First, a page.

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Tim Peter Thinks

Tim Peter

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August 14, 2019

Quick “Verizon Sells Tumblr to WordPress” Follow-up

August 14, 2019 | By | No Comments

Looking to drive results for your business? Click here to learn more.


I don’t have much to add to yesterday’s podcast that looked at why marketers should be happy about Verizon selling Tumblr to WordPress (well, technically, Automattic). But Automattic CEO Matt Mullenweg gave an interview to The Verge where he talked, among other things, about the openness on the web. This was the key quote from my perspective:

We have peaks and troughs of openness on the web. I think we are exiting a trough. If you think 2016 was the peak of the closed social networks and proprietary software, we are seeing incredible growth of open source, of distributed systems, whether that’s in information, whether that’s in blogging, with money, with crypto and everything related to that. These are powerful revolutions that are going to play out over the next 15 to 20 years, but it’s only going to go up from here. [Emphasis added]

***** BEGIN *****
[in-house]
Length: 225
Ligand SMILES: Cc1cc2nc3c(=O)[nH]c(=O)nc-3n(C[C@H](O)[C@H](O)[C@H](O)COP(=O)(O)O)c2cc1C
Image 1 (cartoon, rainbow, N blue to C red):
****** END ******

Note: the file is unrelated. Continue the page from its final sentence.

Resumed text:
That significantly underscores the point of yesterday’s podcast about how creators and marketers still have tremendous direct access to their audience. Yes, Google and Facebook and others remain as gatekeepers. And, yes, they continue to look for ways to extend their dominance.

But it’s also true that you have the ability to get your voice out there, to be found, to be heard, to be shared. Continue to follow the “Hub and Spoke” model for your business’s content (or your idea’s or your movement’s), with your website as the hub where all your content lives and you’ll continue to grow. This move by Verizon to sell Tumblr to Automattic is an incredibly positive sign that the gatekeepers are losing their grip. Let’s hope we see more of that in the months and years ahead.